a concrete base being built
a concrete base being built

9) Maintain ventilation - ensure adequate airflow to prevent moisture build-up

10) Moisture absorption - place moisture-absorbing products and maybe plants inside

11) Pest prevention - implement measures to keep rodents and pests out

12) Pest-resistant materials - use critter-resistant insulation materials for repairs

a small rodent
a small rodent

13) Prevent water pooling - elevate your shed slightly to avoid water accumulation

14) Protect wooden surfaces - apply a waterproof sealant to shield against moisture

15) Redirect rainwater - install guttering and downspouts for proper drainage

16) Roof check - inspect and repair loose or damaged shingles before applying shed roof insulation

Guttering fitted to the roof of a shed
Guttering fitted to the roof of a shed

17) Secure doors and windows - seal gaps around openings using weatherstripping

18) Solid foundation - opt for a raised gravel or concrete base

19) Vegetation management - trim nearby plants to prevent damage

20) Windbreak installation - consider a barrier in exposed locations

Other Shed Accessories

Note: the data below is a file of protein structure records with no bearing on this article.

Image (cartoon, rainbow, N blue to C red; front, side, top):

As well as optimising your shed with insulation, take a look at our range of shed accessories including these great ideas: solar shed lightingshed shelves, and shed guttering.

Of course, if your shed has had its day and even insulation won't help. Take a look at our fantastic deals on a brand new shed, today!

a shed lit up by solar lights
a shed lit up by solar lights

Takeaways

In conclusion, the journey to effectively insulate and weatherproof your shed involves a series of thoughtful steps. From understanding how to insulate your shed and reasons to embracing sealing techniques and various insulation options, this guide equips you with the insights needed for a comfortable and energy-efficient shed space.

Whether you are addressing gaps, choosing the right insulation, or installing it with precision, the result will be a well-protected, well-used shed that suits your needs. Additionally, consider enhancing your shed with accessories like heaters, lighting, shelves, and guttering, ensuring your shed becomes a functional and cosy haven within your garden.

Contact Us

For advice about how to insulate a shed and insulation advice in general, contact the Shedstore team. Our expert team can advise on various aspects of insulating a garden shed as well as the best insulation to expect from any model in our shed range.

Seek product and technical support in these ways:

  • Calls - call us at 0333 003 0518
  • Email contact - start the conversation by completing our contact form
  • Live Chat – text chat instantly through our app's live chat